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Can Audio Tours survive social distancing?

As museums slowly start to reopen following their closure because of the Covid-19 pandemic, some things look very different.

Face masks, plexiglass screens, timed entry and fewer visitors are all part of the new reality for those venturing into museums in the age of social distancing.

These changes are about providing a safe environment for visitors, but they are also about making them feel comfortable about being in a museum at this time.

Research shows that this comfort level isn’t the same for all institutions, for example low touch museums such as art galleries look likely to have an easier time attracting visitors than high touch institutions like science museums.

But what about the Museum Audio Tour? In a socially distanced world will the public be comfortable picking up a device that has potentially been used by hundreds of visitors?

Audio Tours offer the public the opportunity to have a deeper experience when visiting a museum. They tell us the stories behind the collection, offer expert interpretation and (especially important at this time) offer a defined route around the galleries.

Audio Tours are also a source of revenue for museums. And with the financial impact of being shut for an extended period and limited visitor numbers for the foreseeable future, any further loss of income is unwelcome.

Reinventing the Audio Guide

Like museums themselves, the companies who provide Audio Tours are adapting to change. This week Madrid based MuseumMate, a leading Audio Tour provider released a new version of Easy Guide to help museums to adapt to the post lockdown world quickly, easily and without huge cost.

Easy Guide allows visitors to download tours to their phones, and in doing so, removes the need for them to handle any hardware provided by the museum.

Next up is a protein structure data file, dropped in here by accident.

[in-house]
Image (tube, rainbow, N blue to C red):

This BYOD (bring your own device) approach to delivering audio content is likely to be a popular option for museums as they emerge from closure. This will allow visitors to experience the rich multimedia content usually only available on hired hardware on their own devices.

This solves the significant challenge of delivering an Audio Tour experience without the perceived risk of putting on a headset used by others.

Easy Guide offers a low-cost solution to help museums to overcome the loss of revenue with the option to charge visitors to access tours on their own devices. A visitor can choose to purchase the tour when buying a ticket to the museum, and they then receive a QR code to access the content.

With social distancing set to be in place for some time in much of the world, it seems likely that a bring your own device approach is part of the new reality for museums.

And, this could change the way that our audiences expect to access Audio Tours for the foreseeable future.

By finding a way to deliver content to our visitor’s phones and charging for this, museums are not only making these tours available for visitors today. They are ensuring that it is possible to deliver these and charge for the service after the pandemic.

A new version of Easy Guide was launched for smartphones this week by Museum Mate, find out more about the service here. The company continues to offer it’s other Smart Guide options. In its portfolio you will find different models designed and manufactered by MM: Smartguide Plus, SmartGuide NEO and SmartGuide KEY.

About the author – Manuel Charr

Manuel Charr is a journalist working in the arts and cultural sectors. With a background in marketing, Manuel is drawn to arts organizations which are prepared to try inventive ways to reach new audiences.

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